Friday, 25 September 2009

Immigration as Voter Replacement

The constant surrender to the demands of Islamists and moderate Muslim Community leaders in Britain is based on winning back the Muslim voting block.

This is not a unique situation just for the UK - this 'voter replacement' has been going on in all European nations including Germany.

Mass Immigration is not just Race Replacement but it is also Voter Replacement for the Left and Cheap Labour Replacement for the Right.

In the middle between the traitor politicians and the Muslims are the masses, gradually being squeezed out of their own nations, democracy and economies.

Turkish Vote May Decide German Elections

From the desk of Thomas Landen on Fri, 2009-09-25 09:47

It has become a pattern in several European countries: The Muslim electorate tips the balance towards the Left. In Germany, too, Turkish immigrants are likely to play the pivotal role in the general elections next Sunday. All the parties are hoping to attract their votes.

The regional elections in a number of German states in late August did not go as expected for Chancellor Angela Merkel. Her Christian-Democrats had hoped for clear victories over their Socialist coalition partner. This would allow the Christian-Democrats to swap the Social-Democrat SPD of the uncharismatic Frank-Walter Steinmeier, Germany’s Minister of Foreign Affairs, for the Liberal FDP after the elections.

Unfortunately for Mrs. Merkel, the Left did well in the state elections, so that next Sunday’s general elections have suddenly become a very close race. If the Christian-Democrats of CDU/CSU and the FDP are able to form a majority in Parliament, they will undoubtedly do so. Four years ago, Merkel already had such a center-right coalition in mind, but the 2005 election forced her into a centrist, so-called “Grand Coalition” with the SPD. If, next Sunday, Merkel’s party and the Liberals again fail to win 50% of the seats in the Bundestag, Germany is in for difficult and frustrating coalition talks in the following weeks.

As in many countries, the German electoral system is complicated. Being Germany, the system is extraordinarily complicated. The country has an electoral threshold of 5%. However, in every district only half of the seats are directly elected, the other half of the seats are proportionally assigned to the parties. Suppose that a district has 60 seats. Party A, with 33% of the votes, wins 15 of the 30 directly elected seats – which is possible when the other votes go to small parties unable to obtain 5%. The other 30 seats are proportionally assigned. Having won 33% of the votes, party A is entitled to 33 % of the 60 seats in the district, hence to 20 seats. Since it already won 15 seats in the direct elections, it gets an additional 5 seats.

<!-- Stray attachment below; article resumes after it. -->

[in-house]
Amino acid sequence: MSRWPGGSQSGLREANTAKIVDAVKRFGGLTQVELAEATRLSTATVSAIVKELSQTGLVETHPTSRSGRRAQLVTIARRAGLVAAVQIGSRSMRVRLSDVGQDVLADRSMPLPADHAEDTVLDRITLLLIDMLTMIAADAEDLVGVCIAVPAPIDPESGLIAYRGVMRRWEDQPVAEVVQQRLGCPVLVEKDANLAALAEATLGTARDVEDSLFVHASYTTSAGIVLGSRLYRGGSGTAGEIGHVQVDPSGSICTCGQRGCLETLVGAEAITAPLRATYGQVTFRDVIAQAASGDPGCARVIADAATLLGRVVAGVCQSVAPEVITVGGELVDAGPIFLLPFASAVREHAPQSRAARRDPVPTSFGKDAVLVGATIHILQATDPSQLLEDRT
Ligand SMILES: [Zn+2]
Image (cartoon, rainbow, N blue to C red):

Suppose, however, that party A with 33% won 25 of the 30 district seats – which, again, is possible when the other votes go to a lot of small parties that failed to obtain 5%. Then the party has won 25 seats where it is theoretically entitled to only 20 mandates. In this case, the party is allowed to keep its additional seats. These mandates are called “overhang seats” (Uberhangmandate).

Since it is unknown beforehand how many “overhang seats” there will be, it is unknown before the elections what the number of seats in the Bundestag will be. This varies in every legislature. In the present parliament, there were 16 “overhang seats” – nine for the SPD and seven for the CDU/CSU. In the final analysis, in a closely fought election, the Uberhangmandate can decide who has the majority in parliament.